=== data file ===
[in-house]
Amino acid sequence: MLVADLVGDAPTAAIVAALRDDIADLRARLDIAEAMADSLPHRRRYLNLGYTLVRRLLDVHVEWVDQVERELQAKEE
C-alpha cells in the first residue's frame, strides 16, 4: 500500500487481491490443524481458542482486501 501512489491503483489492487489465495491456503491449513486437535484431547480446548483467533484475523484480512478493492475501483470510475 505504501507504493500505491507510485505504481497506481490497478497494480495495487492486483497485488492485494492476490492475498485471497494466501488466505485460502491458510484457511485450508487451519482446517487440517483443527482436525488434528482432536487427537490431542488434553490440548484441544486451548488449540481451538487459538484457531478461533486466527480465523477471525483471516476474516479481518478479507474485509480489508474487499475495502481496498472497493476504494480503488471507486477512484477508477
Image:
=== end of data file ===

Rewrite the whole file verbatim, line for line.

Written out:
[in-house]
Amino acid sequence: MLVADLVGDAPTAAIVAALRDDIADLRARLDIAEAMADSLPHRRRYLNLGYTLVRRLLDVHVEWVDQVERELQAKEE
C-alpha cells in the first residue's frame, strides 16, 4: 500500500487481491490443524481458542482486501 501512489491503483489492487489465495491456503491449513486437535484431547480446548483467533484475523484480512478493492475501483470510475 505504501507504493500505491507510485505504481497506481490497478497494480495495487492486483497485488492485494492476490492475498485471497494466501488466505485460502491458510484457511485450508487451519482446517487440517483443527482436525488434528482432536487427537490431542488434553490440548484441544486451548488449540481451538487459538484457531478461533486466527480465523477471525483471516476474516479481518478479507474485509480489508474487499475495502481496498472497493476504494480503488471507486477512484477508477
Image: